Letters for December 28, 2006

Charge ’em

Re “Greedy vultures” by Jeff vonKaenel (SN&R Feature Story, December 14):

As a reporter at a daily newspaper, this is something I care about. I wholeheartedly agree that readers should pay for online information. You should know that this idea got hissed when I suggested it at a Rotary Club speech I gave a while ago. But it’s the future. It’s just going to take a long, long time.

As you hinted, we have an example. Remember the term “pay TV” and how everyone hated it? It took decades for cable TV to take hold. Yet now I pay $128 a month for cable and high-speed Internet together, and so do millions of others. The same can happen for news. Nobody can report the news like newspapers, or gather “the agreed upon facts,” as you so eloquently put it. Anyone can operate a Web site—Rush Limbaugh has one!—but newspapers or their successors will own and operate the Web sites that people turn to for reliable information.

We’ll just have to charge ’em for it.

Lew Griswold

Newspapers are so B.C.

Re “Greedy vultures” by Jeff vonKaenel (SN&R Feature Story, December 14):

Who among us has not gasped in the B.C. (Before Craigslist) days when told the price of a square inch of classified advertising in the newspaper? Somebody thought they were in the printing business when they were really in the advertising business and decided not to compete in that arena. Newspapers should have invented Craigslist, but instead went along their merry way, charging incredulous prices for minuscule advertising.

Interestingly, I subscribed to a paper under their “half the newsstand price” promotion a couple of months ago. For the first four days, I only received one paper. Two of those days after I called, the paper was finally delivered way after my coffee, and the fourth day, a Sunday, even after my call, the paper never came at all. Not wanting ever to deal with the paper again, I told them not to deliver to me any more. But they got my $23. My very cordial letter advising the publisher of this problem was ignored (I was in business myself for many years, and if I was doing something that upset my customers, I considered it a blessing if a kind soul let me know).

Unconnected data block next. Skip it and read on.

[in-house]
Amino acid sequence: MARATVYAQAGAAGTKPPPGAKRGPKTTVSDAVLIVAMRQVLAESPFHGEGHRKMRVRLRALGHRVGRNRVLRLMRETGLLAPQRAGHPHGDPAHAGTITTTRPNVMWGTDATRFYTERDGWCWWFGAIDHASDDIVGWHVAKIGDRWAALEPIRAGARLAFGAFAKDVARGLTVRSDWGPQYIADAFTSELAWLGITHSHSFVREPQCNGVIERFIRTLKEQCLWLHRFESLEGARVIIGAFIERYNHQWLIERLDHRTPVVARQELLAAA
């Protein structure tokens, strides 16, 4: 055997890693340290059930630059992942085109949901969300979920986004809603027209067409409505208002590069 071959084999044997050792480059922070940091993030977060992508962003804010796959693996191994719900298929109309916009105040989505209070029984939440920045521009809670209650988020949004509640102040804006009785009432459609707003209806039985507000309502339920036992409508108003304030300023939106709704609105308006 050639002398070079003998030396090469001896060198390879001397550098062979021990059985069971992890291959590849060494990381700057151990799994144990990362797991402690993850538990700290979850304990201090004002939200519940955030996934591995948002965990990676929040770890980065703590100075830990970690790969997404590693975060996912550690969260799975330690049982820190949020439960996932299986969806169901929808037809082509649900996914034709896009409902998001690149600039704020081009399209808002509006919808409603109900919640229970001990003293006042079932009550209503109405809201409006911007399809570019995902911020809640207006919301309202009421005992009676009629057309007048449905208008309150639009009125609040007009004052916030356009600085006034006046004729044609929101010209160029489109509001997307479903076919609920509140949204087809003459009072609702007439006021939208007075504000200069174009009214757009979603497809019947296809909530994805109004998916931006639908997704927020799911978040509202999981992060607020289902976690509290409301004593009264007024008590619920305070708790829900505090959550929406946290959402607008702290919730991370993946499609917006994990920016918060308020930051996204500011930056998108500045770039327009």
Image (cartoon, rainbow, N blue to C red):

So, the newspapers overcharge for advertising and under-deliver to subscribers. That does not seem like a recipe for success to me.

Douglas Drake
via e-mail

Reconciliation, not discrimination

Re “The Lobby” by R.V. Scheide (SN&R News, December 14) and “Carter babies the Palestinians” (SN&R Letters, December 14):

The American Israel Public Affairs Committee’s extremist policy positions drive U.S. foreign policy in the Middle East. The lobby brands any disagreement with its extremist positions as anti-Semitism. The latest victim is former President Jimmy Carter, who is being viciously attacked because he dared to write about Israeli harassment of the Palestinians in his latest book.

In sharp contrast to the Jewish tradition of fighting bigotry, AIPAC and its legion of affiliates defend and encourage Israel’s discriminatory practices.

Unless Israel intends to pack up and move, it’s got to live where it is. If AIPAC were a true friend of Israel it would lobby the U.S. government to counsel the Israelis to abide by international laws (e.g., U.N. Security Council resolutions, Geneva and Hague conventions), make concessions and seek conciliation with its neighbors.

Brigitte Jaensch

Clearing up the message

Re “The Lobby” by R.V. Scheide (SN&R News, December 14):

It was predictable that the message would get obscured when Jewish Voice for Peace protested at an AIPAC event on December 3. The event attracted bands of flag wavers: the “Israel can do no wrong” cheerleaders in blue and white and others showing “unconditional support for the Palestinian cause,” as R.V. Scheide reported, by waving Hamas and Hezbollah flags and brandishing inflammatory slogans to demonize anything Israeli.

Amid the sideshows, JVP’s center ring must have seemed a bit boring and less photogenic. While it’s true that we eschew “unconditional” support for any warring side and reject demonization of any people, the spectrum of views on Palestine/Israel is not linear. Nor can the complexities of the conflict be reduced to a neat “balance” between two very unequal sides.